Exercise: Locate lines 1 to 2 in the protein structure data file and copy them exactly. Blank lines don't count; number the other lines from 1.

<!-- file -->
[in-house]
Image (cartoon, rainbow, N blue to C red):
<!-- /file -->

[in-house]
Image (cartoon, rainbow, N blue to C red):